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‘Be Prepared to Die’: Amanda Gorman Reveals She Practiced Active Shooting at Inauguration With Her Mom

Amanda Gorman has revealed a friend told her to buy a bulletproof vest if she was going to read at Joe Biden’s inauguration, while another warned her “to be ready to die”.

The poet wrote an essay explaining why she was “terrified” to read at the inauguration, a year when she read “The Hill We Climb” on the steps of the Capitol in Washington DC. The poem garnered widespread praise and Mrs. Gorman herself became known worldwide after the inauguration.

In a test for The New York Timesshe said she almost declined to be the inaugural poet, as she feared her safety would be at risk during the event.

Mr Biden’s inauguration took place on January 20, 2021, 14 days after Donald Trump supporters stormed the Capitol in a deadly insurgency. Also, young adults like Ms. Gorman couldn’t get a Covid shot at the time.

“The truth is, I almost refused to be the inaugural poet. Why? I was terrified,” she wrote.

Co-Chair Amanda Gorman attends the 2021 Met Gala Celebrating In America: A Lexicon Of Fashion at The Metropolitan Museum of Art on September 13, 2021 in New York City. (Photo by Theo Wargo/Getty Images)

(Getty Images)

She explained that she was “afraid of disappointing my people, my poetry”, and was “also physically terrified”.

“Covid was still raging, and my age group couldn’t get vaccinated yet,” she wrote. “A few weeks before, domestic terrorists had attacked the United States Capitol, the very steps I would recite. I didn’t know then that I was going to be famous, but I knew at the inauguration I was going to be very visible – which is a very dangerous thing to be in America, especially if you’re black and outspoken and n don’t have Secret Service.”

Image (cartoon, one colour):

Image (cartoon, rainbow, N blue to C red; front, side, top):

Those close to Ms Gorman also feared for her safety. “I had insomnia and nightmares, barely ate or drank for days,” she said. “I finally wrote to close friends and family, telling them that I was most likely going to withdraw from the ceremony.”

“My mom made us squat in our living room so she could practice protecting my body from bullets,” she said. “A loved one warned me to be ‘ready to die’ if I went to the Capitol, telling me, ‘It’s not worth it.'”

Ultimately, the night before she was to make her final decision about attending, Gorman examined her fear and discovered that she was very afraid to spend “the rest of [her] life wondering what this poem could have accomplished. She resolves to take part in the inauguration and commits herself “totally” to her choice.

After the inauguration, Gorman’s book The hill we climb (a hardcover edition of his inaugural poem), became a bestseller and was to be published in 20 territories in addition to the United States.

Gorman is also the author of Change singsa picture book and Call us what we weara collection of poetry released in December 2021.


The Independent Gt

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